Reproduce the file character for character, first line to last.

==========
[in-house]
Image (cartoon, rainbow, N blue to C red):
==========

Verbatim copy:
[in-house]
Image (cartoon, rainbow, N blue to C red):